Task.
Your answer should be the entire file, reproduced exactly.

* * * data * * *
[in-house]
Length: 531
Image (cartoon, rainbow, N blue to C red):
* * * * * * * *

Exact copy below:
[in-house]
Length: 531
Image (cartoon, rainbow, N blue to C red):